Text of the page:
Baby’s Breath

Plain and uncomplicated but stunning in their lace-like simplicity

Plain and uncomplicated but stunning in their lace-like simplicity

In the field grew all kinds of plants – no particular organization, just plants randomly taking root and thriving, reaching for the sky. Some more established plants stood tall above the tangle of weeds and grass, their flowers dominant under the bright sunlight. How beautiful a sight to behold. Purple, orange, pumpkin, bright yellows, oyster shell white, hot white, even lavender and of course red – myriad of colors. I stood there transfixed soaking in the view, breathing in the subtle perfume and sweet scents wafting all around me.

Cropping up in bulges like a rooster’s comb, out to my far right at the edge of an irrigation ditch or water splash culvert, several layers of tiny flowering plants grew in profusion. The plants themselves were not showy at all. They looked rather plain and common – much like weeds, saw grass and dandelion. In the breeze their spindly branches danced. Their tiny flowers sprouting at the end of long stems looked like tiny popcorn bursts, or white buttons and even tiny white daisies. But upon closer scrutiny the flowers were actually very dainty and fragile like snowflakes.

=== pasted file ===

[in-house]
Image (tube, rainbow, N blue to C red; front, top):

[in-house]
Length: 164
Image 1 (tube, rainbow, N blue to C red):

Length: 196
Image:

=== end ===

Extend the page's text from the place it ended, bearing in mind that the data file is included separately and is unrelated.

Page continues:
What’s so special about Baby’s Breath? These plants are definitely related to the dandelions and buttercups – lowly ground creepers largely ignored by nursery growers. Bunched up in a bouquet by themselves, they would look like some white duster contraption – or even maybe a witches’ fly swatter. Yet when tiny Baby’s Breath blossoms surround long-stemmed red roses, the roses seem more prominent – almost ostentatious in their red velvety petals becoming deeper red still.

Such is the way our organization works. We are a non-profit manned and operated by unpaid volunteers – each doing their specialty, keeping the organization humming like a well oiled engine. We have our executive officers – I suppose they would be the long-stemmed regal roses, or exotic blossoms and orchids. And all around them are the support folks – the baby’s breath blossoms in a bouquet, simple, uncomplicated – or the many volunteer workers in the background dedicated to making things work. Ultimately all members of the organization as in a bouquet – be they roses, orchids, ferns, baby’s breath, squash flowers or plain ever green leaves – help our group achieve its mission and vision.